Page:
Rabbits need an adequate enclosure to spend some of their time to eat, sleep, etc. Should you have an outdoor enclosure, it should be raised and have enough space for the rabbit to stretch their legs out comfortably. It should also have a ramp that lowers to the bottom of their fenced enclosure so they can feel some grass and ground beneath their feet. Indoor rabbits should have a wire enclosure that also allows them enough space to stretch out. Their bedding should be spot-cleaned every day so they can lay down on clean, soft bedding and it should be completely replaced every week.
A Harlequin rabbit’s diet is like any other pet rabbit in that it should consist mostly of hay – 70 percent. The rest of their diet should be a healthy mix of pellets, vegetables and fruits. Before feeding any new fruit and vegetable to your rabbit, make sure it does not cause any harm to your bunny by researching it first. If you’re unsure, the easiest thing is not to feed it to them. Some surprising foods that are actually dangerous to rabbits include onions, leeks, chives and mustard greens. Contrary to popular belief, you should not feed your rabbit most lettuces, as they contain lactucarium, which will give your rabbit diarrhea. There are plenty of other leafy greens and vegetables that you can feed your rabbit such as parsnips, watercress, Brussels sprouts and fennel.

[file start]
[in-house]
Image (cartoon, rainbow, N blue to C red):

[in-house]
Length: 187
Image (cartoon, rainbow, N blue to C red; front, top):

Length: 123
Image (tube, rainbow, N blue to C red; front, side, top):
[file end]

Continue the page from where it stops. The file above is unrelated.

Harlequin rabbits are active, happy-go-lucky creatures who need plenty of outdoor time in order to bond with their human family. While you’re at work, it’s best to keep them in their enclosure where they are safe from harm but while you’re home making dinner or doing other chores, make sure to let your bunny roam free around the house so they can get their much-needed exercise, plus interact with their pet parents.
The Harlequin rabbit does not have any known breed-specific health problems, however they are susceptible to other common rabbit problems, including overgrown teeth. Unlike humans, rabbit teeth continue to grow well into their adulthood – in fact, they never stop growing! Should your pet rabbit have a diet that lacks in hay, they will not be able to naturally shave their down their teeth. Their teeth could grow much more than they are supposed to and grow into their jaws and mouths and be very painful. Always monitor your rabbit’s teeth by taking a peek in their mouth every week or so to make sure they are being kept nice and short.